17 June 2019

 The Palaszczuk Government’s 25 per cent gas royalty hike will translate into a slug of more than $13 million a year on Queensland industry and households through higher energy costs, the Queensland Resources Council (QRC) said today.

 QRC Chief Executive Ian Macfarlane said it was likely the cost of the tax hike would be passed on directly to consumers.

 “When you put up taxes someone has to pay, and in this case unfortunately that means that domestic gas users will have to reach further into their pockets,” Mr Macfarlane said.

 “Domestic industry and manufacturers have been struggling under the weight of higher gas bills, which can run into the millions of dollars already. An extra tax hit of more than $13 million a year will make Queensland manufacturers less competitive and it will have a bigger flow-on effect for other Australian businesses that rely on Queensland gas.

 “Up until now the Palaszczuk Government has been taking sensible measures to supply domestic industry with affordable and reliable gas, including through domestic gas only acreage releases.

 “A 25 per cent gas royalty tax increase could prove to be self-inflicted economic damage.

 “QRC has urged the Queensland Government to exclude domestic gas from the royalty tax increase and to delay the introduction of any gas royalty increase until January 1 2020 to address confusion about the legislation.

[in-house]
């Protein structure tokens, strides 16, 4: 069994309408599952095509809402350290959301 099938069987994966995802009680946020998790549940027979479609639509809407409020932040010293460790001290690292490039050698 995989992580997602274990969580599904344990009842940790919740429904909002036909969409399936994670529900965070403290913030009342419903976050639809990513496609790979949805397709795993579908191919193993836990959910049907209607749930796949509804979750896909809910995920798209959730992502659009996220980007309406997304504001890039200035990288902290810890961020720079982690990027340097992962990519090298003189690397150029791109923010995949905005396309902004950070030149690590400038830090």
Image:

“Under the new legislation, the tax increase is applied retrospectively to January 2019.

 “Queensland’s resources sector pays its fair share of tax and we are ready to work in close consultation with the State Government on its plan for a longer term gas royalty review.

 “We are also seeking a meeting with the Treasurer to discuss a longer term freeze on coal and mineral royalty taxes.

 Queensland’s reputation as a safe place to invest depends upon stable and transparent laws and regulations and a commitment to open and good faith consultation.”

 Queensland’s oil and gas industry supports more than 39,000 full time jobs, both directly and in supporting industries.